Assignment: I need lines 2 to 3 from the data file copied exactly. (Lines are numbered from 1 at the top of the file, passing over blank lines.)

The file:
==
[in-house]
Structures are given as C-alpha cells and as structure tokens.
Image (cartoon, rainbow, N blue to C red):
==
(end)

Structures are given as C-alpha cells and as structure tokens.
Image (cartoon, rainbow, N blue to C red):